I can see why the recent domination of the singles chart by album tracks from the likes of Stormzy and Ed Sheeran is potentially bad news for anyone trying to break a new artist into the Top 10, Top 20 or even the Top 75.
But I can’t see how it’s bad news for the chart being an accurate reflection of how people are consuming music today.
Much of the consumer press criticism of the rundown that saw Sheeran seize nine of the Top 10 and 16 of the Top 20 seemed to have been ripped straight from John Major’s 1993 speech that eulogised a rose-tinted vision of England as a land of “long shadows on county grounds, warm beer, invincible green suburbs, old maids cycling to Holy Communion through the morning mist and Wet Wet Wet being No.1 for 15 weeks ON SALES ALONE GODDAMMIT”…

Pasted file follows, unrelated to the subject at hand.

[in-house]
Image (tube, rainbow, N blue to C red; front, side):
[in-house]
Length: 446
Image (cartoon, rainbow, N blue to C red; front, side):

It’s a lovely idea, but the world – and the chart – has moved on. If the chart was still purely sales-based, it would no more reflect the reality of music in 2017 than Major’s speech related to real life for anyone outside of an episode of Midsomer Murders.
Sure, ratios – particularly for free streams – may need to be tweaked. And the idea of labels nominating certain tracks to serve as “singles”, while everything else remains an album track sounds like a sensible one, albeit one that will require a lot of management.
Although even that might hamper the one upside of all this: labels are being handed the clearest possible indication of which tracks the public are actually enjoying.
After all, the Brexit brigade might be hellbent on dragging us all back to the 1970s. But there’s no need for the music industry to follow suit...